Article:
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3D printing in schools: Is it worth it?

3D printing is one of those strange education trends that garners much hype, but which to my mind has yet to unveil any true educational potential. I get that it’s great to see one’s renderings produced as an actual product, that can be held and seen, and I also get that that process imbues the classroom with no small amount of fun, making it more attractive to students than the 2D learning space of textbooks and Powerpoint.

However, the costs of buying and running a 3D printer are still so high that many teachers and administrators are asking themselves, “Is it really worth it?”

I’ve constructed this blog to answer my own skepticism, and hope, by the end, to have convinced myself that 3D printing delivers on real learning outcomes.

The research

In 2013 the UK’s Department of Education funded a research project to investigate the educational and functional value of 3D printers in the classroom, specifically in DT (Design Technology) and STEM subjects. This was a simple matter of funding 21 schools to buy a 3D printer, allowing teachers from DT and STEM departments to design their own lessons, and observing the results.

One point that the study’s introduction makes, which I think is well-made, is that 3D printers are a comparatively accessible and affordable way for K-12 students to gain access to the types of technologies that will, by the time they are in fully-fledged careers, be much more commonplace, giving them a useful technical understanding of the technology at foundation level.

On reading about the various schools’ approaches it struck me that the most significant learning outcomes came from an inter-curricula approach. While requiring significantly more planning and training, the projects that maintained an interdisciplinary focus, yielded better results.

Interdisciplinary 3D projects

  • Arden Academy (Solihull): The school’s project used the 3D printer as the curricula itself - analyzing the chemistry of plastic, as well as the the physics behind 3D printers. The class then created 'Pokémon' style predators, based on the Biology curricula and printed these off on the 3D printer.
  • Watford Grammar School: A grade 11 group at the school were studying the calculus relating to velocity, height and distance of a projectile, and were using a class-built catapult to do this. The student engineers realized that the device was becoming unreliable, and so they designed and printed off a coupling to keep their catapult stable.
  • Cramlington Learning Village: In a voluntary extra-curricular program, students at the school were challenged with designing chairs. The project included mathematics, physics, DT and business science, as they not only needed to produce chairs that were stable, but also chairs that were marketable, sustainable and affordable.

With these examples in mind, I am beginning to understand that the 3D printer is not simply a nifty trick, with which to engage students, but allows for cross-disciplinary projects that in all senses mimic the real work of manufacture and invention.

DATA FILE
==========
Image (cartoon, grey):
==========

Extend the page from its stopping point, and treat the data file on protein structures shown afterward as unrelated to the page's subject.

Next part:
What about non STEM subjects?

Another question many teachers ask is how can 3D printing enable better learning outcomes in non-STEM subjects. There are also a number of fine working examples of these types of projects:

  • Scotch College and PCL Peret, Australia: Film and Narrative. Two single-gender schools teamed up for a unique 3D printing project. 1st grade boys from Scotch College were teamed up with girls from PLC, to form creative teams. The teams designed a character in the Makers Empire 3D software, printed it off, and then together filmed a short story using the character and their iPads.
  • Jefferson Middle School: At risk ELL learners. Inspired teacher, Heather Wolpert-Gawron decided to use 3D printing in her English Language Learning class, specifically to counteract the trend of students dropping out due to disengagement. She realized she needed to provide the students with stimulating content to write about. She has initiated a 3D design project aimed at designing assistive devices for children, and has implemented a host of ELL projects alongside it. Students journal about their design journeys, write to the children they are assisting and write reports on the successes and failures of their 3D printing exercises. All with a view to making ELL accessible, interactive and more engaging.
  • Wakayama Technical High School, Japan: Perfect artifact replicas: There are hundreds of temples and shrines throughout Japan, most of them with priceless artifacts in them such as golden Buddhas, face masks and other statues. The school has partnered with the Japanese authorities to perfectly replicate many of the artifacts as 3D renderings, then printing them in fabrication labs, and replacing them in the museums to protect the originals from an increasing threat of theft. Students not only learn the intricacies of the design and manufacture of some of these rare items, but also provide a valuable service to their society.

Closing thoughts

I think one of my primary concerns with the notion of 3D printing in the classroom at the outset of this post was that, it seemed to me, a rather expensive way to stimulate student interest. And while almost all of the projects I have named here have indeed done just that, they have also provided a new context for learning, and allowed students to practice not only interdisciplinary skills, but also a fair amount of problem solving and critical thinking.